1. Williams appears to have what it takes at left tackle
While he did not have the most upside of all the premier offensive tackles in the 2007 NFL Draft, general manager Jerry Angelo felt Chris Williams made the most sense for the Bears because he was ready to step in and be an effective blind-side pass protector right away. His future may not have been as bright as Ryan Clady, who is already a stud for the Broncos, plus Williams' arrival was delayed by a year because of back issues, but the former Vanderbilt Commodore is starting to come into his own after making the switch from right to left tackle down the stretch. Yes, Jay Cutler was still sacked four times during his two-game explosion to close out the schedule, but he finally had enough time to take some seven-step drops, roll out of the pocket on designed bootlegs and stretch the defense with throws downfield.
It's just a shame the coaching staff didn't have more faith in him this past offseason, when Angelo – granted, hindsight is 20-20 – signed the washed-up Orlando Pace and forced Williams to play out of position at right tackle for a spell.
2. Babich deserves to return next year as linebackers coach
He certainly didn't impress as a defensive coordinator, as his units finished 28th and 21st in the league in total yards allowed the two years he was calling the signals, but Bob Babich proved again this season he is a good linebackers coach. Dealt a ton of injuries, including the loss of former Defensive Player of the Year Brian Urlacher after the opener, Babich was forced to make do with Hunter Hillenmeyer, who was fortunate to make the team out of training camp, and Nick Roach, who was supposed to be just a core special teamer, in the starting lineup more often than not – free-agent addition Pisa Tinoisamoa only suited up twice. Moving Hillenmeyer from the strong side to the middle was a gamble because he's not nearly the athlete Urlacher is, but it turned out to be a wise decision and he ended up playing some of his best football in a Bears uniform.
Coach Lovie Smith is going to have to hire a full-time defensive coordinator and also relinquish his play-calling duties in 2010, and whoever gets the job would be smart to retain Babich.
3. Fan favorite Peterson may have played his last game in Chicago
Although he never developed into much of a running back after being selected in the sixth round of the 2002 draft, Adrian Peterson still averages 4.1 yards per carry for his career, turned himself into a demon on special teams and is a top-notch presence in the locker room. However, seeing that he was only given seven carries all season long, a season in which starter Matt Forte struggled badly and backup Kevin Jones missed entirely due to injury, it appears the Bears have turned the page on Peterson and no longer consider him an option in the backfield. Undrafted rookie free agent Kahlil Bell got 40 attempts the final seven games once he was promoted from the practice squad – Garrett Wolfe moving to IR opened the door – while Peterson didn't touch the ball once after Week 9.
RB Adrian Peterson
Getty Images: Doug Pensinger
Since Chicago already has missiles like linebacker Tim Shaw and cornerback Corey Graham getting the job done on the coverage units, Peterson's departure wouldn't hurt the special teams very much either.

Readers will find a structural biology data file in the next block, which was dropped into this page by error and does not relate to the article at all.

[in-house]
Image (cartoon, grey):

4. Safety is the No. 1 priority for this D in the offseason
Absolutely nobody could have predicted Mike Brown would finally stay healthy for 16 games this season, recording 103 tackles and three INTs in a Kansas City uniform, so letting him depart after five straight injury-plagued campaigns was still the right thing to do. Nevertheless, not having a better strategy to replace Brown is the real mistake the Bears made, as both the strong and free safety positions were revolving doors all year. There are more than a few candidates capable of doing well at strong safety because of their in-the-box prowess, but until there is a true center fielder taking away the deep ball when the defense puts eight in the box, the pass defense will be a liability going forward.
The Bears don't have the depth at cornerback to do it right now, but finally moving Charles Tillman to free safety would allow him to do what he does best – tackle and force turnovers – while masking his declining coverage skills.
5. Smith's situation makes it hard to attract quality coordinators
All indications suggest that Smith will be back in 2010 for his seventh season as head coach, although after three straight years out of the playoffs, he'll be in a win-or-else predicament. Hence, it's going to be difficult to find top-notch offensive and defensive coordinators willing to come to the Windy City – Smith's ouster before 2011 would mean a new coach and, more than likely, new coordinators again. The Bears aren't going to break the bank for a well-reputed OC like the Titans' Mike Heimerdinger to make a lateral move, so keep your eye out for an unproven commodity like USC quarterbacks coach Jeremy Bates, who previously worked with Cutler in Denver.
As far as DC is concerned, don't give the job to Perry Fewell just yet, because Smith essentially fired him after one year as the Bears' defensive backs coach in 2005.
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John Crist is the Publisher of Bear Report and a member of the Professional Football Writers of America. To read him every day, visit BearReport.com and become a Chicago Bears insider.